SB2C-4E Helldiver radar operations

Discussion in 'Aviation' started by Johnny .45, Mar 5, 2014.

  1. Johnny .45

    Johnny .45 Member

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    #1 Johnny .45, Mar 5, 2014
    Last edited: Mar 5, 2014
    I see that the SB2C-4E was fitted with AN/APS-4 radar, and was curious what a daytime fair-weather aircraft needed with radar anyway. I don't find any mentions of them being used on night ops, and the weather was rarely bad in the Pacific, even if they were willing to launch a/c into bad weather. So was the radar used simply to expand search range during daylight? Could it "see" targets over the horizon, maybe pick up small targets like a periscope better? The APS-4 was a small but relatively effective radar set, but it was capable of air-intercept use as well. I'd just always thought of radar as a night/bad weather aid, but it must have been used for daylight searches as often as night searches. Unless they did fly Helldivers and Avengers at night?

    For example, here is an excellent bunch of information on the APS-4 and radar in general (HyperWar: Tactical Uses of Radar in Aircraft (RADTWOA) [Part II]), but it only talks as if it was used to improve tracking and navigation in poor visibility. When did Helldivers fly in poor visibility. It DOES give good range information, which would be a help.
     
  2. davebender

    davebender Well-Known Member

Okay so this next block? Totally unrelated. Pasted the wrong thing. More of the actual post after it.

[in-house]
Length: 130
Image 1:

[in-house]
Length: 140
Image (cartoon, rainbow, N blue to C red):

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    I think you answered your own question.

    More then one WWII era USN squadron got lost and had to ditch when they ran out of fuel. Having a pathfinder aircraft to accompany an airstrike increases the chance for finding the target and then finding your own CV.
     
  3. oldcrowcv63

    oldcrowcv63 Well-Known Member

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    #3 oldcrowcv63, Mar 9, 2014
    Last edited: Mar 9, 2014
    Johnny, the advent to Radar provided a much improved (over the human eye) navigation and target detection tool even in the best weather. Visibility over the ocean can be problematic even under what are nominally considered to be good conditions. There is a frequent daytime natural phenomena known as maritime haze caused by evaporating water that severely limits visibility even from a/c at altitude. The ocean is a big place and while visibility may extend to 10's of km (miles), there may be scattered clouds and haze that prevents identifying high value targets. Remember an aircrew is looking for a target typically painted 'haze gray' which doesn't help. The ships more visible wake is often the first indication one gets of its presence. I have been on more maritime search missions than I can count and unless we were covering a shipping lane, it was never easy, even with radar. Without radar, these maritime patrol mission searches would have been virtually impossible. In the old days, before Radar, nearly an entire squadron was carried and deployed to perform a maritime search. As radar became more available, progressively fewer aircraft were required as radar performance improved.
     
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